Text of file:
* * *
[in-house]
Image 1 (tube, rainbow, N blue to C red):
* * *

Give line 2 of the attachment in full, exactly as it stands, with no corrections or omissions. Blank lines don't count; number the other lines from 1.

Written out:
Image 1 (tube, rainbow, N blue to C red):